Resolved to Read More? Try This Simple Hack

luza studios/iStock via Getty Images
luza studios/iStock via Getty Images

From keeping up with long-distance family members to keeping yourself entertained with viral cat videos, social media definitely has its uses. But spending every spare moment on your favorite platform can also get in the way of certain goals you might have for 2020—like reading more books.

As Inc. explains, most habits follow a similar psychological pattern, so replacing a bad habit with a good one is often easier than starting from scratch. In other words, instead of trying to establish reading as a completely new habit, you can train yourself to replace opening Facebook several times a day with opening a book.

To do this, first you need to convince yourself that reading a book doesn’t have to be a major production or time commitment, and you’re probably much more capable of reading a book in small chunks than you might think. Last year, the New York Public Library helped demonstrate this with a program called Insta Novels, in which they released full novels like Lewis Carroll’s Alice’s Adventures in Wonderland and Charles Dickens’s A Christmas Carol in sections on their Instagram Stories—and more than 300,000 readers took advantage of the offerings.

Then, as creative entrepreneur and author David Kadavy explained in a Medium post, you have to be aware of what usually triggers you to hop on social media—maybe boredom or anxiety—and distract yourself by cracking open a nearby book. This might be as simple as rearranging your apps so that your e-reader app is featured prominently on your home screen, and your social media apps are hidden on the second or third screen. Or, it might entail buying lightweight paperback books that’ll fit in your backpack or even a large coat pocket, so you always have some easily accessible reading material.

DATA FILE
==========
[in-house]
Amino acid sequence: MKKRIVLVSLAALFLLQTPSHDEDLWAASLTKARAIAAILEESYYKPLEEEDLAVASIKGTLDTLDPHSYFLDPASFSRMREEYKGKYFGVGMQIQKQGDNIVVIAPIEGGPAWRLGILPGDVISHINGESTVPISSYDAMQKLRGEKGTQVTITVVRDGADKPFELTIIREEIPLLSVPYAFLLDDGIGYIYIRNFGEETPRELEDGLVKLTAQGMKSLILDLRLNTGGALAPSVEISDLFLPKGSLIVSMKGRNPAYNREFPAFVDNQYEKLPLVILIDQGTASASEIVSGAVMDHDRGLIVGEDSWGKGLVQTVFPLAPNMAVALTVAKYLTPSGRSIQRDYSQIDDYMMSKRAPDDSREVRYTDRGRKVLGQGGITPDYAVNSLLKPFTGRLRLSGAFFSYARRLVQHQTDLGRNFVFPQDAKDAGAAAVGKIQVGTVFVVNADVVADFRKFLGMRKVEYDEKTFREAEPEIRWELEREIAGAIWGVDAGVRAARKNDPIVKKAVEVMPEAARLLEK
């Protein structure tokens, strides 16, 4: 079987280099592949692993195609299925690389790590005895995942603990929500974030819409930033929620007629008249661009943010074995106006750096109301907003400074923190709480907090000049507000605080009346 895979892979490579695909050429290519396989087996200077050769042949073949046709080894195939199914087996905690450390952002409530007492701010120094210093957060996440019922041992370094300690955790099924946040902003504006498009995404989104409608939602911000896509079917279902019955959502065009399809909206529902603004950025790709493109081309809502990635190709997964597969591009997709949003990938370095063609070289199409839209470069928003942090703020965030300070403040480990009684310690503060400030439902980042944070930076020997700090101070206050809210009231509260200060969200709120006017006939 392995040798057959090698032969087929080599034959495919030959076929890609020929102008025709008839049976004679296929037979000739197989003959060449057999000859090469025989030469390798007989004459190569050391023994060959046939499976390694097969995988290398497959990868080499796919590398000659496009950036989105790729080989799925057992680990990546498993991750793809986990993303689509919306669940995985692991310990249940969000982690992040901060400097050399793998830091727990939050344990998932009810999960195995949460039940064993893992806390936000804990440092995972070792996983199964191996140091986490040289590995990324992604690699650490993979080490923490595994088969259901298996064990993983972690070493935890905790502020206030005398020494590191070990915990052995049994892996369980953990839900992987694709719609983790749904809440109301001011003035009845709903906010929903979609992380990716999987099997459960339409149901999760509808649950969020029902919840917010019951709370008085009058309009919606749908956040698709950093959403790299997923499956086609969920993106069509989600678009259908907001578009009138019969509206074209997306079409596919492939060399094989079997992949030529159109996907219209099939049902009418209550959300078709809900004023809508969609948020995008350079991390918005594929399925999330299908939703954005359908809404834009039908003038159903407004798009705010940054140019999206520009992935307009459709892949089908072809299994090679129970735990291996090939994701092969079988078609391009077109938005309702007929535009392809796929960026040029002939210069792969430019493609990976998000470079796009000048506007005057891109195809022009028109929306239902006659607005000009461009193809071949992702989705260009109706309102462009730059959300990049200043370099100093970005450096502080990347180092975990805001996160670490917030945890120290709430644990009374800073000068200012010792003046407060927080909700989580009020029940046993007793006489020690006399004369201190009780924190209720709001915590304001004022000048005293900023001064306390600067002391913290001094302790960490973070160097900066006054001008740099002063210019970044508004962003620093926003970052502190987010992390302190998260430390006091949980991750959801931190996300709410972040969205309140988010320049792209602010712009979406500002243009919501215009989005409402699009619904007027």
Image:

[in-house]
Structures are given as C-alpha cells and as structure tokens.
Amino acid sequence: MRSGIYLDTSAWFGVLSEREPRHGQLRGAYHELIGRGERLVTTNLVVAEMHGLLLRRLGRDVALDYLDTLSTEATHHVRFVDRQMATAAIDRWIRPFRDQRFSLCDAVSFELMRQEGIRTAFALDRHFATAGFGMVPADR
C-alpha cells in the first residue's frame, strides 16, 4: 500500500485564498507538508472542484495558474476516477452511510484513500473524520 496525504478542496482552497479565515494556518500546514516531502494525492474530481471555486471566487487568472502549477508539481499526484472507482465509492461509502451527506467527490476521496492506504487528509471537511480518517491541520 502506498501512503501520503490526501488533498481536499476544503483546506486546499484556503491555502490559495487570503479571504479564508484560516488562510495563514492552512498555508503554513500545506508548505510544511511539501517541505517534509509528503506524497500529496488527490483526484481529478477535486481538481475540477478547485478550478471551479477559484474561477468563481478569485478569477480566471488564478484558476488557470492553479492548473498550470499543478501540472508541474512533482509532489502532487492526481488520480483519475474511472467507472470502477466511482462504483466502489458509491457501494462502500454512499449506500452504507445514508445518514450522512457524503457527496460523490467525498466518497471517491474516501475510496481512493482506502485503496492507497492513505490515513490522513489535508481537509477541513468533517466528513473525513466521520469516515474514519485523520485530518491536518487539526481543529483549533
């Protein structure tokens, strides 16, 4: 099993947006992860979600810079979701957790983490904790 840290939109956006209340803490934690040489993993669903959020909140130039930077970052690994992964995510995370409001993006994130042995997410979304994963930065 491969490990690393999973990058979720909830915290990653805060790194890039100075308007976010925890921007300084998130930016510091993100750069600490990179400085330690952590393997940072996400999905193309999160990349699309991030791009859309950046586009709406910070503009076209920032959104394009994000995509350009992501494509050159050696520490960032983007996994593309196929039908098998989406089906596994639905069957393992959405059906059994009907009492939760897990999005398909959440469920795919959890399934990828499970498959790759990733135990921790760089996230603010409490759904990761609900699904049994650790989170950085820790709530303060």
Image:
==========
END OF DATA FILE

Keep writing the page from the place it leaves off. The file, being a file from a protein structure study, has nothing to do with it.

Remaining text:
For the first week or two, you’ll likely have to make a conscious effort to reach for your book instead of tapping the Instagram icon, but your unconscious mind will gradually start to anticipate reading as a natural response to your trigger.

Your mind won’t be doing all the work on its own, though—the book will help, too. As you read, you’ll probably get invested in the story or argument of whatever you’re reading, and it’ll be easier to return to it once you’ve built up that momentum.

Wondering what to read first? Choose something from our list of 20 best books of 2019 here.

[h/t Inc.]

Kodak’s New Cameras Don't Just Take Photos—They Also Print Them

Your Instagram account wishes it had this clout.
Your Instagram account wishes it had this clout.
Kodak

Snapping a photo and immediately sharing it on social media is definitely convenient, but there’s still something so satisfying about having the printed photo—like you’re actually holding the memory in your hands. Kodak’s new STEP cameras now offer the best of both worlds.